ISLAMABAD -- Pakistani husbands can 'lightly' beat their wives if they disobey, according to a controversial recommendation made by a state-affiliated Islamic body in its new women protection bill.
The Council of Islamic Ideology (CII) enjoys constitutional status in Pakistan and gives non-binding proposals to the parliament to make laws according to Islam.
The controversial alternative bill was prepared after the CII rejected Punjab's Protection of Women against Violence Act (PPWA) 2015, as un-Islamic.
PPWA, passed by the Punjab assembly, gives legal protection to women from domestic, psychological and sexual violence and calls for the creation of a toll-free abuse reporting hot line and the establishment of women's shelters.
The CII will now forward its proposed bill to the Punjab Assembly.
According to the Express Tribune, the 163-page draft bill proposed several bans on women.
The bill said that a husband should be allowed to 'lightly' beat his wife if she defies his commands, refuses to dress up as per his wishes and turns down demand of physical contact.
It suggested that a beating is also permissible if a woman does not observe Hijab, interacts with strangers, speaks loud and provides monetary support to people without taking consent of her husband.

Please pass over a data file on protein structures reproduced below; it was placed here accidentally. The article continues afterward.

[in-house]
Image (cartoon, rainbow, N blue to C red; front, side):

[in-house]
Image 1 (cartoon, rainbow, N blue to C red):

It also recommended to ban co-education after primary education, ban on women from taking part in military combat, ban on welcoming foreign delegations, interacting with males and making recreational visits with strangers.
Female nurses should not be allowed to take care of male patients and women should be banned from working in advertisements, it said.
It also recommended that an abortion after 120 days of conceiving should be declared 'murder'.
However, it said, a woman can join politics and contract a Nikah without permission of parents.
If any non-Muslim woman is forced to convert, then the oppressor will be awarded three-year imprisonment while the woman will not be murdered if she reverts to her previous faith, it said.
The law has been proposed at a time when the CII is under fire from many social groups for opposing women's rights.
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